Geek Squad Will Hold My EVO Hostage For Up To 30 Days

Geek Squad Will Hold My EVO Hostage For Up To 30 Days

You’ve heard it from us before, but we can’t remind our readers too many times: extended warranties are usually not such a wise investment. Here’s an excellent case study. Ryan pays $9.99 per month for a Geek Squad Black Tie service contract on his HTC EVO. For that much money, he logically assumed that when his phone malfunctioned, he would not be left phoneless for 30 days or more. He was incorrect. That may actually be worse than getting a replacement or repair under the normal manufacturer’s warranty. [More]

HTC: Phone Repair By Sprint Store Voided Warranty

HTC: Phone Repair By Sprint Store Voided Warranty

If Sprint is the exclusive seller of the HTC Evo, and Sprint stores will also repair your Evo when you have a problem with it, isn’t it logical that having Sprint repair your smartphone won’t void the warranty? Not so fast, smart guy or gal! Rodney writes that he and his wife actually left Sprint because a local Sprint store charged for a repair that actually voided the warranty. That repair? The phone’s 4th in seven months. Update, 2/23/11: HTC is issuing Rodney a refund. [More]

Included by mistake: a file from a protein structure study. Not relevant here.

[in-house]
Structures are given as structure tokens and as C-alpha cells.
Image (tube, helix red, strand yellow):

How Many Non-Working Smartphones Before You Just Give Up?

How Many Non-Working Smartphones Before You Just Give Up?

How many defective smartphones does it take in order for a customer to surrender in frustration and just pay an early termination fee? Craig is on his fourth HTC Evo from Sprint since mid-December. He would like a working phone. Sprint, it seems, would like him to go away. [More]

Sprint Charges A $10 Monthly Awesomeness Fee To Own The HTC EVO

Sprint Charges A $10 Monthly Awesomeness Fee To Own The HTC EVO

The HTC EVO is a sophisticated and pretty sweet smartphone that runs on Android and is exclusive to Sprint. That’s all pretty normal. What isn’t normal is that Sprint is charging EVO owners a $10 fee above the cost of their normal data plan–an unlimited data plan–and no one at Sprint can really explain why. Promotional materials claim that the fee is for a “richer data experience with an advanced processor,” which makes no sense. They might as well call it an “awesome phone fee.” [More]